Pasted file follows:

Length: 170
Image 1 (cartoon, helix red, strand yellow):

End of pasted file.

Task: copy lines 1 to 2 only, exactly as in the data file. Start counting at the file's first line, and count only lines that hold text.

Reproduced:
Length: 170
Image 1 (cartoon, helix red, strand yellow):